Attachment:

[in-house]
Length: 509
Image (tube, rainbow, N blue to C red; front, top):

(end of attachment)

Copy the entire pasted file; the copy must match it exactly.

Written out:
[in-house]
Length: 509
Image (tube, rainbow, N blue to C red; front, top):